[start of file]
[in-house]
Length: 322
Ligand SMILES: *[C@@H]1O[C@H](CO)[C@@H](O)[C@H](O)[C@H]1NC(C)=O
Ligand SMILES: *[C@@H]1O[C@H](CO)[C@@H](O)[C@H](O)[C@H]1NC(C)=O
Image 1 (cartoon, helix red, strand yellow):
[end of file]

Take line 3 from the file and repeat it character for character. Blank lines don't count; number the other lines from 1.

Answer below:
Ligand SMILES: *[C@@H]1O[C@H](CO)[C@@H](O)[C@H](O)[C@H]1NC(C)=O